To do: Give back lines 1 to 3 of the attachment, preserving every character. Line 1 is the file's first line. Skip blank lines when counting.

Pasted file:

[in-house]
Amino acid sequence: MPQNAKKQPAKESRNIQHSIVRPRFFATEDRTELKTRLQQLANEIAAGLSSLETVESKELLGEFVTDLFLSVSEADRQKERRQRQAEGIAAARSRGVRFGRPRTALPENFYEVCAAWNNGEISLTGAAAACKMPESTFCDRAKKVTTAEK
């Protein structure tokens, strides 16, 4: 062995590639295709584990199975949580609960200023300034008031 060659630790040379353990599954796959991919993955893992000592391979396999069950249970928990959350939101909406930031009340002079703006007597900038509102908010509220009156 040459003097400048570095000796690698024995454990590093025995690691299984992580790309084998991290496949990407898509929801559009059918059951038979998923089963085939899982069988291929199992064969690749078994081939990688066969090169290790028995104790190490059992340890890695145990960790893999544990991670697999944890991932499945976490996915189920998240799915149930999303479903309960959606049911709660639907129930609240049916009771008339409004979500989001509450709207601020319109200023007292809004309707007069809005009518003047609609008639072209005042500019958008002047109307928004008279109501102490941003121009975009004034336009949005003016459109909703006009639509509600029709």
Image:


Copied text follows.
[in-house]
Amino acid sequence: MPQNAKKQPAKESRNIQHSIVRPRFFATEDRTELKTRLQQLANEIAAGLSSLETVESKELLGEFVTDLFLSVSEADRQKERRQRQAEGIAAARSRGVRFGRPRTALPENFYEVCAAWNNGEISLTGAAAACKMPESTFCDRAKKVTTAEK
């Protein structure tokens, strides 16, 4: 062995590639295709584990199975949580609960200023300034008031 060659630790040379353990599954796959991919993955893992000592391979396999069950249970928990959350939101909406930031009340002079703006007597900038509102908010509220009156 040459003097400048570095000796690698024995454990590093025995690691299984992580790309084998991290496949990407898509929801559009059918059951038979998923089963085939899982069988291929199992064969690749078994081939990688066969090169290790028995104790190490059992340890890695145990960790893999544990991670697999944890991932499945976490996915189920998240799915149930999303479903309960959606049911709660639907129930609240049916009771008339409004979500989001509450709207601020319109200023007292809004309707007069809005009518003047609609008639072209005042500019958008002047109307928004008279109501102490941003121009975009004034336009949005003016459109909703006009639509509600029709």